A new savings account offers to pay a whopping 3% over one year. As a point of comparison, the current 'best buy' one-year fixed-rate account pays just over half that at 1.55%.
While that rate can be matched – or even beat – by certain current accounts (as you're no doubt sick of hearing us talking about), this particular account allows you to deposit up to £15,000.
That's miles above what you can save with the Nationwide Flex (£2,500) or TSB Classic Plus (£1,500) current accounts.
As always, there's a catch: the product is offered by retailCURE, a credit union that is only open to the 4.5 million people who work in the retail industry. Everyone else will have to look elsewhere for a home for their savings.
But what the deal does highlight is the growing competitiveness of credit unions as a whole, and if you are fed up with the antics of big banks, they provide a more community-based option for banking.
In the rest of this guide, we'll run through how these unions work, who they're suitable for, how you can sign up, and any potential drawbacks.
Alternately, you can view your high street banking options here. Some of the offers are pretty decent, honest!
How to save with a credit union
Credit unions can't exist without cash coming in. If you just want to save some money that will then be made available to other members via loans, you can.
Until 2013, credit unions couldn't pay interest on savings. Instead, they paid a dividend once a year, typically around 2-3%, although some credit unions pay more. That has now changed.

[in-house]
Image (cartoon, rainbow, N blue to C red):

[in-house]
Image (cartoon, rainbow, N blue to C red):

If you're looking for a good return on your savings alone, credit unions are not always the best bet. But if you want to put a small amount of money away, perhaps for Christmas, and help people in your local community then you should definitely consider them.
Some credit unions now also offer Cash ISAs.
All savings with credit unions are covered by the Financial Services Compensation Scheme up to a limit of £85,000, although most credit unions will have a maximum savings limit well below that amount.
Many credit unions allow you to pay into your account via a deduction from your salary. You might also be able to pay money in at local shops, libraries and council offices.
How to borrow from a credit union
If instead you need to borrow some extra cash and you're having trouble getting hold of a 0% credit card or loan from a high street bank or building society, you should definitely take a look at what your local credit union has to offer.
You should be aware up front that you will have needed to have saved some money with the credit union, generally over a few months, before you can apply for a loan. So this isn't a quick fix if you need some cash in a hurry.
How much you can borrow will usually depend on how much you've saved over that time. It's usually three or four times the amount you've saved.
You can usually borrow far less than you can from a bank or building society, sometimes as little as £100.
The annual interest rate is likely to be anything from 10% to 25%, higher than many personal loans, but bear in mind that you can't actually borrow less than £5,000 on most personal loans.
That figure is also lower than many credit cards and significantly lower than a payday loan.
If you're a homeowner you could take out a secured loan, but this puts your home at risk if you fall behind with your repayments. A credit union loan is not secured against your home.
By law, a credit union can't charge you more than an annual interest rate of 26.8%. They also don't charge any penalties for early repayment.
Most credit unions will be upfront about the cost of the loan and won't even talk about it in terms of interest rates.